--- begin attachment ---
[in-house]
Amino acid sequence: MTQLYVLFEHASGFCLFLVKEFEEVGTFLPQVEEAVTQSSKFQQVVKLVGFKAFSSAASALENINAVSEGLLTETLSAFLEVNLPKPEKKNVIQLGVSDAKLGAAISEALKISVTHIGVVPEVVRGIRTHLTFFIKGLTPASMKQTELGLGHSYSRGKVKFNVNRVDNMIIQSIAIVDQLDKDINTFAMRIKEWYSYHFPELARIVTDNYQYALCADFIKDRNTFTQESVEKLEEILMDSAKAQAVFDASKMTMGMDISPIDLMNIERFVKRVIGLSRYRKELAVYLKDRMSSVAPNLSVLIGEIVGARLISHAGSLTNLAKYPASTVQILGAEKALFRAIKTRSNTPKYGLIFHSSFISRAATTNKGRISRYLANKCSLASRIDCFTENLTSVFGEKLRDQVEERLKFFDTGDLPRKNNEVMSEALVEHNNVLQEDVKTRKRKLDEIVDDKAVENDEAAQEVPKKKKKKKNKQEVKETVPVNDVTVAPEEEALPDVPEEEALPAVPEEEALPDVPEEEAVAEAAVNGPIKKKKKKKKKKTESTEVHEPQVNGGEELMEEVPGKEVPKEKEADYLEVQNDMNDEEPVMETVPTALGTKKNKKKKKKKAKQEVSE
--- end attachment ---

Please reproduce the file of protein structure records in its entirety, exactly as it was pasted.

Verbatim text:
[in-house]
Amino acid sequence: MTQLYVLFEHASGFCLFLVKEFEEVGTFLPQVEEAVTQSSKFQQVVKLVGFKAFSSAASALENINAVSEGLLTETLSAFLEVNLPKPEKKNVIQLGVSDAKLGAAISEALKISVTHIGVVPEVVRGIRTHLTFFIKGLTPASMKQTELGLGHSYSRGKVKFNVNRVDNMIIQSIAIVDQLDKDINTFAMRIKEWYSYHFPELARIVTDNYQYALCADFIKDRNTFTQESVEKLEEILMDSAKAQAVFDASKMTMGMDISPIDLMNIERFVKRVIGLSRYRKELAVYLKDRMSSVAPNLSVLIGEIVGARLISHAGSLTNLAKYPASTVQILGAEKALFRAIKTRSNTPKYGLIFHSSFISRAATTNKGRISRYLANKCSLASRIDCFTENLTSVFGEKLRDQVEERLKFFDTGDLPRKNNEVMSEALVEHNNVLQEDVKTRKRKLDEIVDDKAVENDEAAQEVPKKKKKKKNKQEVKETVPVNDVTVAPEEEALPDVPEEEALPAVPEEEALPDVPEEEAVAEAAVNGPIKKKKKKKKKKTESTEVHEPQVNGGEELMEEVPGKEVPKEKEADYLEVQNDMNDEEPVMETVPTALGTKKNKKKKKKKAKQEVSE